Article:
Silky Ono hatchet- just gotta have it

Rather impressive hatchet by Silky
Rather impressive hatchet by Silky

Yup…I finally scored a  Japanese Silky Ono axe/ hatchet. I have no clue why all of a sudden, axes and hatchets appeals to me so much. Perhaps because I am longing for that ‘bushcraft’ tool that I have been reading and watching on all the bushcraft shows on Youtube. This is not my first axe. Tried the Mora Outdoor axe and several others before. Here are some pictures.

There has not been much review or talk on forums about this Silky Ono. Silky of Japan are more well known for their nasty looking folding saws. Some of their saws have a 360mm length blade! I tried one before and they are super nice. Anyway, back to the Ono. To be honest it turns out smaller that I imagine.

The Ono turned out to be smaller than I imagined
The Ono turned out to be smaller than I imagined

One thing that held me back from buying initially was the lack of information available for the Ono. Even on Silky website, there is no mention of what steel used. It just stated ‘Alloy Steel’ and that does not help much really. But then….I found this website based in New Zealand that had more information about it. I am assuming they are selling the Silky Ono hence had to find out with more accuracy what steel it is made of. Some information on the steel here.

Being smallish means I can tuck it into my pack. Concealed and not have part of its handle or edge sticking out from parts of the pack. It also slides into the bottom of my car seat easily.

Against a standard size carabiner. Small & compact
Against a standard size carabiner. Small & compact

The cool thing about the Ono is the construction. The blade itself is a one piece construction and it has a removable or should I say ‘peel’ away rubber handle grip. Perhaps so that owners can replace them once they are worn out (but somehow I cannot seem to find anyone selling them spare rubber handles).

The gripy and comfy rubber handles can be peeled away
The gripy and comfy rubber handles can be peeled away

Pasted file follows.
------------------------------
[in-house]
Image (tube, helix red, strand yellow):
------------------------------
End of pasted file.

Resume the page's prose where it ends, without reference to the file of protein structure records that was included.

For the size, I kinda like using the Silky Ono. Though it does not have the forwrd weight for big chopping like a larger axe would (or a Malaysian parang), it is after all a hatchet and good enough for what I would call close counter light chopping. The edge arrived at my door sharp (I don’t believe in axes having paper shaving sharpness) and readily took on some good sizes blocks of wood.

Note the secondary bevel towards the end of the edge
Note the secondary bevel towards the end of the edge

When a cutting tool comes with a good and sensible sheath,,,I am already a happy man. The Ono comes with a rigid nylon sheath that has a velcro closure and a snap button. This may not appeal to those who wants fast and quiet deployment of an axe. The decorated edges of the sheath which looks like rivets makes the sheath extra safe.

Well constructed rigid nylon sheath for the Ono
Well constructed rigid nylon sheath for the Ono. Note the holes on the sheath and blade of the Ono aligns together. You can add a carabiner here to ensure they don’t come apart. 

So far, I have only tested the Ono on some good sized chunks of timber and cutting up some big fishes. The Ono manage the fish bones and the blocks of wood without much trouble. I would probably try them again soon on my hunting trip. There are some good sellers of the Silky Ono hatchet on ebay. That’s where I got mine but from a seller based in Japan.